• ctalkctalk Posts: 646
    I admit Hyundai has been coming out with impressive products. I'm very impressed with the new Azera, Entourage and Santa Fe. They've really come a long way.
  • pocono35pocono35 Posts: 89
    If I were a Toyota bigwig, I would bring in a Sonata and show it to the Camry designers and engineers. I would show them how close the Sonata is for $6K less money. I would tell them they had better do something about it, and quickly.

    I believe the Sonata is a competitor to the Camry, but Hyundai, with this Sonata offering, is trying to get on the radar of Toyota and Accord buyers. This is brilliant because Hyundai knows from studies it is going to take time to change perception and it won't happen with this least all at once. They are aiming for a Camry because the Camry is the 'undisputed benchmark' for consumer perceived quality and sales success. Hey, shoot for the best. It's a great start and the offering is a more a shot across the bow to the big-guys saying 'we're here deal with us' but a death blow to the Galant, Suzuki's and mid-size Camry wannabe's.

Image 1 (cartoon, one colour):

From what I have read from many interviews with Chung, their Chair, Hyundai's goal is 'Top Five' before 2010 coupled with sales of more expensive vehicles to increase profits. Hyundai has an uphill battle because of recent currency flucuations requiring them to get plants up and running here quickly to off-set that. He is also more concerned with 'quality results' in this campaign because Hyundai's growth is dependant on beating others who aren't focused on quality.
    I believe the next 4 or 5 offerings Hyundai releases from the upcoming Santa Fe, new Elantra, RWD Lexus-Infiniti fighter or even the Entourage minivan is a shot across the bow to position them for future top five entrenchment and establishment.

    IMO, the Azera is a shining example of what this company can do so quickly (compared to the XG) and how aggressively they will compete eventually with the establishment.
  • bobadbobad Posts: 1,587
    Yes, I agree. Not yet.

    If my garage burned and the insurance company said OK, you have a choice of an identically equipped Sonata LX or a Camry, I would take the Camry. I appriciate the Sonata, but I'm not a Koolaid drinker. :)